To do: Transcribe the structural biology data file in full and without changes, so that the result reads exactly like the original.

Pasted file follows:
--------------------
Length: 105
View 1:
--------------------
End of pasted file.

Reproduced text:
Length: 105
View 1: